He sat. Now that he was close she could smell on him the night cold and the scent of the city. She could not see him but she did not need to. She knew every plane of his face, each line, each curve. It was as though they were written on her heart, an indelible picture.
There was something she needed to tell him. She fought for the strength to speak.
‘The crystal mirror—’
‘I will get it back. I swear it,’ he replied instantly. A second later his hand grasped hers, warm and reassuring but still she shook her head. She knew it was too late.
‘It will elude you,’ she said.
He had never understood the power of the Order of the Rosy Cross or its instruments, though perhaps he did now, now that the damage was done.
‘Danger to you—’ She tried one last time to warn him. ‘Take care or it will destroy you and your kin as it did me and mine.’ She was gasping for breath, frightened.
His fingers tightened on hers. ‘I understand. Believe me.’
She felt the knot inside her ease. She had to trust him. There was no alternative. Her life was unravelling like a skein of wool. Soon the thread would run out.
‘I want you to take this. Keep it safe, hidden.’ With an effort she opened her eyes and unclenched the fingers of her right hand. A huge pearl spilled into her lap, glowing with baleful fire in the subdued light. Even now, looking on it for the last time, she could not like it, for all its ethereal
beauty. It was too powerful. It was not the fault of the jewel, of course, but of the men who had sought to use it for their own wicked purposes. Both mirror and pearl had once been a force for good, strong and protective, until their power had been corrupted through the greed of men. The Knights had been warned not to misuse the instruments of the Order and they had disobeyed. They had unleashed destruction through fire and water, just as the prophecy had foretold.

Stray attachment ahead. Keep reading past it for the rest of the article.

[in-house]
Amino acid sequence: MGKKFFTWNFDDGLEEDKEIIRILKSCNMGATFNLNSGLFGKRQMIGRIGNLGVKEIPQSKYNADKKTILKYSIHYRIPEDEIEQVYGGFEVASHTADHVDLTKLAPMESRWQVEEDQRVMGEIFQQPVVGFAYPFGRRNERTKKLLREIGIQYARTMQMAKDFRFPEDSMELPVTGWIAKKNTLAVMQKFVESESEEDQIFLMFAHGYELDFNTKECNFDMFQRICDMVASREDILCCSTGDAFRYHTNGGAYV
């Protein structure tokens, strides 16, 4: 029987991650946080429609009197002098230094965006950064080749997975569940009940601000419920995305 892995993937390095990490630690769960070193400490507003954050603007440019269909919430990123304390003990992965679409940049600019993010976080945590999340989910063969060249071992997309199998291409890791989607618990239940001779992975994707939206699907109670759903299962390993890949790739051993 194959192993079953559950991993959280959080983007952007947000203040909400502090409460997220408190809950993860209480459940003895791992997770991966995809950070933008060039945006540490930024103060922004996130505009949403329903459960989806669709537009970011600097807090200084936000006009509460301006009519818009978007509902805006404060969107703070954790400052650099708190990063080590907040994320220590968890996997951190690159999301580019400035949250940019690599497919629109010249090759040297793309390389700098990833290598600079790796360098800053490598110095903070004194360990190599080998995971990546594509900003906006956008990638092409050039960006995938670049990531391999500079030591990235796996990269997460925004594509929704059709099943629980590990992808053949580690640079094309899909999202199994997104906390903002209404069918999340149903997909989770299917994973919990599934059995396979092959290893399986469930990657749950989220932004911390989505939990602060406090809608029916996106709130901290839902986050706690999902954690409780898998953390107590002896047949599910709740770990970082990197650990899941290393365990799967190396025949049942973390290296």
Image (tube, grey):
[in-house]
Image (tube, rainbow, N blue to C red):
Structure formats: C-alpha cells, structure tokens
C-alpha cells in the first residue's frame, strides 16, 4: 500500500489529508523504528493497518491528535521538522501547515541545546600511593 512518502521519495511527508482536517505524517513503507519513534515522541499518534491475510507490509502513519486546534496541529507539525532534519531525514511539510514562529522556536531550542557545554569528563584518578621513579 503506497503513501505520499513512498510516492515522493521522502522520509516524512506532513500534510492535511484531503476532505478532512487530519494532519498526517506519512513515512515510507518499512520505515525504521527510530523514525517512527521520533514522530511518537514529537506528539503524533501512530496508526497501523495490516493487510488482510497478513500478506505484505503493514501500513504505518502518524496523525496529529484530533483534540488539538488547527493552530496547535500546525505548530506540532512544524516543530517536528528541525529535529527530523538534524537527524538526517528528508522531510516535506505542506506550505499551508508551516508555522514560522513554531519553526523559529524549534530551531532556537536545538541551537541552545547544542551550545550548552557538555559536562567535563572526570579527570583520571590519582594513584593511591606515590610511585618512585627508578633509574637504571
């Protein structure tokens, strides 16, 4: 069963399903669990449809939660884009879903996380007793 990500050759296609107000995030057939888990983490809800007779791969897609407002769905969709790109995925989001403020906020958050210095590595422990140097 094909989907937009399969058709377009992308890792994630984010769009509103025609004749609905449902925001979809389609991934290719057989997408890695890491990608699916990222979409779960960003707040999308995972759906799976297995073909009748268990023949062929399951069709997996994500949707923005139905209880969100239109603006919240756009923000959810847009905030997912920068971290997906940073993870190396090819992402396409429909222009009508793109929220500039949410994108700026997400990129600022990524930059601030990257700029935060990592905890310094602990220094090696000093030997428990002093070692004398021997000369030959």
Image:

She heard the catch of Craven’s breath. ‘The Sistrin pearl should be given to your heir.’
‘Not yet.’ She was so very tired now but this last task must be completed. ‘You need to break the link between the pearl and the mirror. One day the mirror will return and then it must be destroyed. Keep the pearl safe until that is done.’
Craven did not refuse her gift or tell her that he had no time for superstition. Once he had scorned her beliefs. No longer. She watched him scoop up the pearl on its heavy gold chain and stow it within his shirt. His face was grave and set, as though he were facing battle, such was the weight of her commission.
‘Thank you.’ Her smile was weary. Her eyes closed. ‘I can sleep now.’
There was a sudden commotion. The door swung back with a crash and a protesting creak of hinges. Voices; loud, commanding. Footsteps, equally loud: her son Rupert, come to be with her at the end, always hasty, always late.
There was so little time now.
She opened her eyes again. The room swam with shadows and the red and gold of firelight but she felt cold.
She looked on Craven for the last time. Grief was etched deep into his face.
‘Old,’ she thought. ‘We have had our time.’ The loss cut her like a knife. If only …
‘William,’ she said. ‘I am sorry. I wish we had another chance.’
His face lightened. He gave her the smile that had shaken her heart from the moment she had first seen him.
‘Perhaps we shall,’ he said, ‘in another life.’
She forgot that her time could be measured in breaths now, not hours or even minutes, and tightened her grip urgently on his hand.
‘The Knights of the Rosy Cross believed in the rebirth of the spirit,’ she said, ‘but it is against the Christian teaching.’
He nodded. His eyes were smiling. ‘I know it is. Yet still I believe it. It comforts me to think that we shall meet again in another time.’
Her eyes closed. A small smile touched her lips. ‘It comforts me, too,’ she said softly. ‘Next time we shall be together always. Next time we shall not fail.’